Filing for Bankruptcy The Differences Between Chapter 7 and Chapter 13

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When large debts are too much to bear, filing for bankruptcy might be beneficial for many people. There are two main types of bankruptcy in the United States: Chapter 7 and Chapter 13. The type of case you file depends on a lot of factors, including your income, debts and assets. Before filing a bankruptcy case, you should consult a lawyer who specializes in the finer points of this complex process. Filing for bankruptcy can be stressful and confusing, but it’s beneficial to know the main difference between the two major types before exploring your best options.

  • Chapter 7
    Chapter 7 bankruptcy can be filed for either individuals or business entities. The main qualification for Chapter 7 has to do with your income and assets: namely, you have to have little to no disposable income or assets to speak of. If you make more than a certain amount of money, you will not qualify for Chapter 7. This type of bankruptcy claim involves liquidation, which means it will wipe out credit card debt and unpaid medical bills. The fee to file this type of case is $335. When clients use a bankruptcy lawyer for a Chapter 7 case, their success rate is over 95%. Typically, the process takes a matter of months, so you can quickly get rid of your debts and have a clean slate.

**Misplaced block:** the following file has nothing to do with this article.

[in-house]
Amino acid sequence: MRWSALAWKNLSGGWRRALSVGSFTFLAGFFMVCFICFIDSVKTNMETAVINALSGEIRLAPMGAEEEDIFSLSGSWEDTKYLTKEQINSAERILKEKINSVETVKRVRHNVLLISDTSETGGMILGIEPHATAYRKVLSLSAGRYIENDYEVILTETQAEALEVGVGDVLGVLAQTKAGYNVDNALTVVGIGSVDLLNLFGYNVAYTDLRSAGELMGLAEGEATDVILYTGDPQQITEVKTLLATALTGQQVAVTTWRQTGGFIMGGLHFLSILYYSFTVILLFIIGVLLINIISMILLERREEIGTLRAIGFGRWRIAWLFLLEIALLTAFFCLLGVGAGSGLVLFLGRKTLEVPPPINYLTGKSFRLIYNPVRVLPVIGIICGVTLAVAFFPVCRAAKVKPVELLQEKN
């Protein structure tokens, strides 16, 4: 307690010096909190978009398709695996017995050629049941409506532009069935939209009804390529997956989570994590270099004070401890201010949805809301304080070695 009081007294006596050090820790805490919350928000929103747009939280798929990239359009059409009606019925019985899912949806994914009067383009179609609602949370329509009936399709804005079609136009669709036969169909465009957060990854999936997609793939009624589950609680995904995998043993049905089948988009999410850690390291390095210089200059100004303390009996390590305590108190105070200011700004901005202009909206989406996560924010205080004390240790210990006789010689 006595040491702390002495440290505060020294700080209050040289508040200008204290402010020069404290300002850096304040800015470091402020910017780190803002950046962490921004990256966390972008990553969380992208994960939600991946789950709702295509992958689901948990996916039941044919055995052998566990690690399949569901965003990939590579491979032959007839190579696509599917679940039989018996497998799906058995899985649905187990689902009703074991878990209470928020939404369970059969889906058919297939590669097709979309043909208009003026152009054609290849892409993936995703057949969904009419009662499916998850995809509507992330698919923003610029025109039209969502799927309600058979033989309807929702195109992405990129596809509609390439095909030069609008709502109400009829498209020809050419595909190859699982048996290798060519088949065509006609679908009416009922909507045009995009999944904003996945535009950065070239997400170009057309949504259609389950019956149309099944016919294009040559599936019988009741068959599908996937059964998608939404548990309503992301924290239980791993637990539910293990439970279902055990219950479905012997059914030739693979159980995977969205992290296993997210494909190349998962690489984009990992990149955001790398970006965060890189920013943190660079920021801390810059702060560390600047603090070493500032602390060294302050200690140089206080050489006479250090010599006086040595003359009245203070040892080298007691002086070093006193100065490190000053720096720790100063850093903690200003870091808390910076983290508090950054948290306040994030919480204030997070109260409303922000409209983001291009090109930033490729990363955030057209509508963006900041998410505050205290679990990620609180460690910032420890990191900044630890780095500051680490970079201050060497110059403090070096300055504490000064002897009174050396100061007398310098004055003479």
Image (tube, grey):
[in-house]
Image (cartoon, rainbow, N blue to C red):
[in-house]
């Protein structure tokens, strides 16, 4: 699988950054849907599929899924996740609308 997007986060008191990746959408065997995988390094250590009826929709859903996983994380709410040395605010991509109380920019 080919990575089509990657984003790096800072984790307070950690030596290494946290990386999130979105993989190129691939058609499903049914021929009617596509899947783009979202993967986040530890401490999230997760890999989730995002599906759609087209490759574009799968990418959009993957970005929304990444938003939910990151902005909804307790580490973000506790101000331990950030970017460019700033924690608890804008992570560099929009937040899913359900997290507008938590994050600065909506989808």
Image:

• Chapter 13
    Unlike Chapter 7 bankruptcy cases, Chapter 13 claims can be filed only by individuals or sole proprietors. Instead of liquidation, Chapter 13 involves reorganization, and is meant for those with regular incomes who can pay back part of what they owe through a payment plan. This type of bankruptcy claim is ideal for those who need to get caught up on monthly payments they can afford, like for their mortgage, car or child support fees. At $310, it’s also a little less expensive to file than Chapter 7. With help from a legal representative, the success rate for this type of bankruptcy is 55%. This process can sometimes take several years, but you can keep your property.

The process of declaring bankruptcy can be complicated, but a bankruptcy attorney can help you decide which type of bankruptcy case you should file, or whether you should file at all. Being familiar with the basics is important, but because filing for bankruptcy without an attorney has low rates of success (60% for Chapter 7 and .04% for Chapter 13), it’s always advisable to consult with a legal team before moving foward.

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